[​IMG]This large ray is just one of many beautiful animals intended for public aquaria displays.

    The outdoor portion of Cairns Marine’s facility is where the big boys are kept. Sharks, some of the larger rays and boney fishes are housed here temporarily before transport and shipping. There’s even a large holding tank for numerous Australian Lungfish, which I would have taken pictures of if my phone wasn’t held hostage by three and five years olds for zombie chasers. I was too mesmerised to remember anyway, and I apologise for that.

    [​IMG]Naso tonganus, an absolute cutie and a delight!

    Everybody loves cool sharks and awesome rays, but one big fish that really charmed my socks off were these absolutely marvellous Naso tonganus. These cuties were named after Tonga, their type locality, but are actually pretty widespread. I’ve never seen this species in person but that fleshy bump on their head is so unusual, it almost looks like a baby beluga or some kind of cetacean.

    We got to see Lyle Squire (director of Cairns Marine) and Laura Simmons (Curator and project manager) work on packing and crating up some reef sharks for transport in situ. It’s unbelievable how much thought and innovation gets put into something like this. We don’t want to reveal too much, but it’s really commendable how the welfare of the animal and the cargo box is taken into such extreme consideration, with real clever and methodical procedures.

    [​IMG]Cargo all packed, loaded up and ready to head to the airport.

    On the facility and management front, it was really an eye opening and privileged experience getting to tour the grounds. You can tell just how much thought and effort gets put into the livestock by the little things like stickers that adorned every tank. Stickers that dictate the daily feeding regime, as well as which boat vessel they came from and date of arrivals. Right up to the big things like customising and innovating the size and shape of the big fish crates and what are the best ways to go about doing certain things.

    On the other hand, talking to the staff was a whole different level of bewilderment. Timothy Bennett and Fenton Walsh as we mentioned before, were a true delight. Fenton is a scientist who works on fish species, and he most recently published the paper on Cirrhilabrus squirei. Talking to him about fish and his job was amazing. I love fish, and I love looking at them and photographing them and just talking about them in general. But speaking to him, and the diver who collects them is a whole new realm of exciting.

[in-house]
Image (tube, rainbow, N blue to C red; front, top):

We talked to Tim for a little bit over dinner regarding some aspects of his job and fish collecting in general. Tim collects with his two sons, who are just as good as he is. You can imagine the amount of things I wanted to ask and the kinds of questions that were running through my mind. Tim catches most if not all of the fish that passes through Cairns Marine, and each one of those fish has a story behind it. How he catches them, where he finds them, how they are like in the wild, what kind of environment they live in, what’s their biology, how they move, etc. Every facet of the animal in its natural surrounding has been immortalised in Tim’s brain, and there was only so many things I could ask.

    [​IMG]Bodianus paraleucosticticus that Tim Bennet caught. This fish has been with me for more than a year and a half.

    So I did anyway. I made a mental list of every fish I could possibly think of from the Coral Sea and began firing. Tell me more about Pseudocoris aequalis! What about that undescribed Plectranthias? What are some of the cool fish you’ve seen?

    Tim’s mind is like hard disk with accessible information at the click of a button. He can generate visual maps of the deepwater dive locations and the terrain with such accuracy you’d be hard pressed not to hold your breath for fear of drowning. It was interesting when he mentioned briefly on Bodianus paraleucosticticus, for which I whipped out a photo on my phone to show him. He was delighted that it’s still alive and doing fine, and you could see it in his eye the genuine love for fish and his job.

    He then continued about the habitat, where B. paraleucosticticus is found in. These deepwater hogfishes are found in excess of 70m (230ft) where it is dark. The particular one he caught however was found upside down in a huge cave, where it shared with Centropyge colini. His excitement and enthusiasm when recalling these stories are palpable and tangible almost, and it’s heartening to see.